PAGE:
Influenza

Influenza is a respiratory disease of high importance due to its fast transmission and zoonotic potential.

Alternative names: Porcine Influenza, influenza typeA

Information

Porcine influenza is caused by several Influenza Type A viruses closely related, characterized to have the ability to change the antigenic structure and create new strains.

Each serotype is identified through surface proteins called "H" and "N". The three most common serotypes affecting pigs are H1 N1, H1 N2 and H3 N2. There are also different strains of these serotypes that have different pathogenicity and no crossed protection.

The incubation period is very short, 12 to 48 hours. It affects the respiratory system. The virus can infect a farm in few days. This high transmission is almost the main feature helping in the diagnosis. 

There are three important periods in which the disease can cause infertility, and all of them are caused by fever and its consequences depending on the pregnancy stage because the virus is not systemic and does not cross the placenta. Thus, fetuses are not infected.

  1. First, if sows get ill during the 21 first days of the pregnancy, the virus can prevent implantation of developing embryos, which produces and increase in returns at day 21. If gestation is already established 14 to 16 days after insemination there will be late returns.
  2. Second, if the infection occurs during the first 5 weeks of gestation, embryo death and reabsorption can occur, which lead to pseudo-pregnant and empty sows. Litter size can be affected at this time due to the embryo reabsorption. By the end of gestation, there will be abortions or late mummified piglets at farrowing.
  3. The third main effect is on the boars, in which increased body temperature can affect semen and reduce fertility during 4 to 5 weeks.

In big farms, influenza can end up being endemic with intermittent outbreaks of clinical symptoms and infertility. Different strains can consecutively affect one farm.

 

Symptoms

Sows

  • The elevated temperature may cause abortions.
  • General coughing.
  • Pneumonia.

When the virus enters a farm for the first time, 2 or 3 animals show symptoms of disease during the first 2 days, followed by:

  • A quick outbreak in which almost all animals stop eating, and appear clinically very ill at 2 to 3 days of the virus introduction.
  • The effects on the reproductive system are produced after the onset of the respiratory disease with coughing, pneumonia, fever and loss of appetite.
  • Acute respiratory distress without subjacent infections persists during 7 to 10 days (depending on how long contact between groups lasts).

In the rest of the farm:

  • Quick onset of the acute disease in sows.
  • Coughing and pneumonia which quickly disseminates.
  • Animals go back to normality in 7 to 10 days.
  • Late returns after weaning.
  • Increase of returns at 21 days.
  • Increase of returns outside the normal cycle.
  • Increase in the number of sows that arrive empty to the farrowing area.
  • Increase in the number of abortions, especially during the last 3 months of pregnancy.
  • Increase in the number of stillborns and slow farrowings.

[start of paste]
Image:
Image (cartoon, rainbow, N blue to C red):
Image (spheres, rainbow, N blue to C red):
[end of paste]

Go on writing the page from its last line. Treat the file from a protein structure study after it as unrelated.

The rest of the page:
• Occasionally an increase in the number of mummies. 

Lactating piglets

  • Symptoms in piglets are rare, unless the disease enters the farm for the first time.
  • Colostrum can prevent the infection during the lactation period.
  • Coughing
  • Pneumonia.
  • Fever.

Weaners and growers

Acute Disease

  • Usually pigs suddenly lie down.
  • Difficulty to breath.
  • Severe coughing.
  • Most of the animals look like dying, but survive without a treatment, unless the farm already has a respiratory problem.
  • Influenza causes severe pneumonia on its own, but when combined with other infections, such as Actinobacillus pleuropneumoniae and PRRS, a chronic severe respiratory syndrome difficult to treat can occur. Severely affected pigs must be treated with antibiotics to prevent the development of secondary pneumonia.

Endemic Disease

  • In this case, the virus stays in the farm, affecting small groups of pigs, mainly weaned pigs. The virus can be responsible for persistent respiratory diseases, having symptoms similar to the acute disease, but less severe. 

Causes / Contributing Factors

Influenza can be introduced by:

  • Infected people.
  • Carrier pigs.
  • Birds, mainly aquatic birds are reservoirs of the disease.
  • Secondary bacterial infections.
  • PRRS co-infections.
  • Temperature fluctuations.
  • Stress.
  • Humid bedding and flooring.
  • Inadequate environments and bad ventilation increase the severity of the disease.

Diagnosis

In the acute disease, a reliable diagnosis can be done based on clinical signs, due to the fact that there are no other diseases with such a dramatically quick transmission and clinical effects. Blood samples taken from sows at the beginning of the disease and 2 to 3 weeks after, show an increase in antibody titters. Influenza virus can be identified from nasal swabs analyzed by PCR. Oral fluids can also be used, with good results.

However, the endemic disease can be difficult to differentiate form other viral diseases. PRRS and Aujeszky’s disease must be considered.

Sequencing is critical to establish the vaccine strain. 

Control/Prevention

  • Breeding sows and boars showing symptoms of the acute disease such as increase of temperature and of breathing speed must be treated with wide spectrum antibiotics.
  • Control secondary bacterial pneumonia with antibiotics.
  • Inject the most affected pigs.
  • Medicate water for 3 to 5 days.
  • Use anti-inflammatory medication to minimize the respiratory system damage.
  • Several effective vaccines exist, but it is important that the vaccine contains the appropriate strain for each farm.